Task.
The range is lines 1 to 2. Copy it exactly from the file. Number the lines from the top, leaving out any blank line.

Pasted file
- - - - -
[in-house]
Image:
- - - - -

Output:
[in-house]
Image: